- Havocs are pretty much unchanged, save for what their weapons do. They’re still T5 and they come in units of 5. This time around they can ignore all modifiers to hit rolls and ballistic skill when shooting. They have their choice of Lascannons, Heavy Bolters, Missile Launchers, Reaper Chaincannons, and Autocannons, and notably these all hit on a 3+ and lack the HEAVY rule. Of these the missile launcher is the most versatile, though if you’re rocking Abaddon and his re-roll hits aura taking four Lascannons is pretty nasty. Fortunately for us, despite the box having very limited weapon options, we can still outfit the unit with any four weapons we like.
- Noise Marines return as a solid all-rounder unit which gain BATTLELINE if Lucius is your warlord. They come with bolt pistols and close combat weapons but any number can have sonic blasters and one can have a blastmaster. The Sonic Blaster is still an Assault 3 weapon but now it hits at S5 AP0 – about the same deadliness, but now (and very importantly), it lets you advance and do action-like things. The Blastmaster still has two good modes, and its single frequency mode has HEAVY with S9 AP-2, 3-damage, making it one of the better options for hunting heavier targets. Every Shooting phase you can pick a unit that the Noise Marines hit with a ranged attack and make them take a Battle-shock test.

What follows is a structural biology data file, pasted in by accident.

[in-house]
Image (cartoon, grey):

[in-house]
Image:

- Chaos Bikers lose 2” of Movement (down to 12”), but keep T5 and 3 wounds. They can leave the battlefield at the end of your opponent’s turn and go into Strategic Reserves, which is pretty neat. Otherwise, they’re a bunch of combi-bolter-and-chainsword marines.
- Raptors are still the army’s jump infantry, and they still lack a meaningful heavy melee option outside the champion’s power fist (which you’ll want to take as it hits on a 3+). They come with an a 6” aura to give -1 to Leadership tests, which is neat with Haarken, and they force Battle-shock tests at the start of the Fight phase. If you’re taking Haarken you’ll want these. Otherwise, their utility will come down to point costs, as CSM have very limited access to decent weapons on mobile bodies otherwise.
- The Dark Commune is a bit of a weird unit, acting as a kind of Cultist command squad. It can join units of cultists (either regular or Accursed), giving its unit a 5++ invuln save will lend them a surprising amount of durability. Giving its Cultist unit one turn of advance and charge plus a damage output boost means they can also skirmish with some units or charge onto objectives. It’s not a bad upgrade in power and for the right price might have some
- The Traitor Enforcer is another command squad unit, able to join units of Traitor Guardsmen. The Enforcer gets a 4+ feel no pain while the Ogryn is alive and while he’s leading the unit they can use Insane Bravery for free. Well, “free” – it costs you one bodyguard model every time it happens.